Martyrs and messengers
Benjamin Franklin and the American frontier, the Moravians, and the nature of reason
in Colonial frontiers
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In America, in November 1755, two of their settlements, Gnadenhueten and Mahoni, had become a battleground in the Anglo French war over possession of the continent. Before leaving for Gnadenhueten Benjamin Franklin had stayed at the Moravian settlement at Bethlehem. The Moravians at Gracehall knew that the walls of their particular circumscription had an internal and external component. Upon the ashes of Moravian 'wood', their fold for the faithful breached by the heathen, Benjamin erected a forest of palisades. Upon reflection, Franklin's pragmatics had the Moravians at Bethlehem less deceivers of Parliament and more practitioners of a new sensibility, in which, 'common sense aided by present danger' overwhelmed 'whimsical opinions'. The Moravians inhabited frontiers with their circles of connectedness; they occupied spaces on the edges of Christ's land.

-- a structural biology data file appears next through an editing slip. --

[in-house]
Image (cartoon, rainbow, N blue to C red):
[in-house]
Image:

Colonial frontiers

Indigenous–European Encounters in Settler Societies

Editor: Lynette Russell



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